Wednesday, August 4, 2010

The Terrible Workings of Stephen Gammell

If you were a kid in the late 80s early 90s, your elementary school annual book fair was a memorable experience, especially if you picked up a copy of Alvin Schwartz Scary Stories to Tell in the Dark. Many of the tales are hardly classics, and while many of us have moved on to more competent horrors, this series of books remains a hallmark of childhood for many who straddle the Gen X /Gen Y fence.

Why? The illustrations of course. Artist Stephen Gammell raised each little spooky vignette to a level that creates outright dread. The grotesque meets the atmospheric, and every corpse-like ink splatter made the reader feel less like they were reading a book than being watched, or even hunted. For me, these figures have lingered in the back of my mind well into adulthood.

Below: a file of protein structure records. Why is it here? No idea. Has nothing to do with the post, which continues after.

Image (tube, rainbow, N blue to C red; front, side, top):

His scenes are of a grim pastoral landscape (that must have been influenced by his childhood in Iowa) swarming with shapes that you innately know are sentient, savage and hungry. The figures are skeletal, rotting, and gape-mouthed; the art is enduringly physical, and it brilliantly marries with the spectral in these books. While the individual tales may be childish, Gammell reminds us why death frightens us.
The appreciation for this artist's contribution to American nightmares grows, as a Stephen Gammell fan page was recently launched on Facebook


Cyndi said...

I was in Borders a couple of days ago, and saw that the books no longer have these illustrations. They have "friendlier" drawings. Made the book look little kiddish, and hokey. These illustrations definitely helped to make the book!

Ephemerot said...

That ain't right. The illustrations was the reason it resonated with so many of us. My memories of that book exist because of Gammell. I think they do the book a diservice by toning it down. Kids can handle the grotesque. We did.

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